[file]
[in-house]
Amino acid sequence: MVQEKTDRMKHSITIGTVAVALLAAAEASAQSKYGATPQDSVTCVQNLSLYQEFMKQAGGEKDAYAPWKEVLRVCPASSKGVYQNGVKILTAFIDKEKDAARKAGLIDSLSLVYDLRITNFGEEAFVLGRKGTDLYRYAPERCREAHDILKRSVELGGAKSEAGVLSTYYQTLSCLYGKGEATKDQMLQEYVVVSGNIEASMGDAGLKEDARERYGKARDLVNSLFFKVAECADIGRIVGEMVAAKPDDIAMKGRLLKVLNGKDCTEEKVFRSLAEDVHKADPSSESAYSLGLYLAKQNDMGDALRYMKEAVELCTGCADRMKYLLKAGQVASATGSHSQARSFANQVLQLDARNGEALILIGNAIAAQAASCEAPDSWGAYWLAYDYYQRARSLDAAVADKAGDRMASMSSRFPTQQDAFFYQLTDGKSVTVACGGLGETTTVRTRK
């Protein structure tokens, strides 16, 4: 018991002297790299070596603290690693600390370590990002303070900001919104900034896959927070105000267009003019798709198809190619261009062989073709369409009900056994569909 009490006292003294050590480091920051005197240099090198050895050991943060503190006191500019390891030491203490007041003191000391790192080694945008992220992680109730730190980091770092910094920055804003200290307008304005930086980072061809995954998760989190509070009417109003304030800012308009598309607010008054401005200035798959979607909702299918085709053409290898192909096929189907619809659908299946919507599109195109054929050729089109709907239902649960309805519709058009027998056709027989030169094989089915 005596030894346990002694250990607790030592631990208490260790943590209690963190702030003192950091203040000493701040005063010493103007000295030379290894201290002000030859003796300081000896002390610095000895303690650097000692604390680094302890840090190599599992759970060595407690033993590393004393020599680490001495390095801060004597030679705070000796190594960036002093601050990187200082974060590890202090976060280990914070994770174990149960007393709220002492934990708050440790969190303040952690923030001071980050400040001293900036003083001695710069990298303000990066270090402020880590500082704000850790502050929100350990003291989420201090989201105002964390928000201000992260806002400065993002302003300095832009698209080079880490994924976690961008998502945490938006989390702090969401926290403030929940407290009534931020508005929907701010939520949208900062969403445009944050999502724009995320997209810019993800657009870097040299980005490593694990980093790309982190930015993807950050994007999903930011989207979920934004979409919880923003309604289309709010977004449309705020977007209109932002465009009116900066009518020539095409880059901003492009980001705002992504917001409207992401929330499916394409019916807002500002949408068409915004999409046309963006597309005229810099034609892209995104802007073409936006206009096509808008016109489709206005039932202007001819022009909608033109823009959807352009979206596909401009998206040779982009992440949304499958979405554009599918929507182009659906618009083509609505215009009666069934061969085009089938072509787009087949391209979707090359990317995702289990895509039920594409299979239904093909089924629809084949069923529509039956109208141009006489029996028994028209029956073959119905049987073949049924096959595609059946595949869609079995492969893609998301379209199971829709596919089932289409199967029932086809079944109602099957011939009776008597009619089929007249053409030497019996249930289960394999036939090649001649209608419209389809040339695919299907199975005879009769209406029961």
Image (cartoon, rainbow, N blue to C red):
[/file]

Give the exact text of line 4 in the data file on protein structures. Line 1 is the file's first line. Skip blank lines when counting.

Image (cartoon, rainbow, N blue to C red):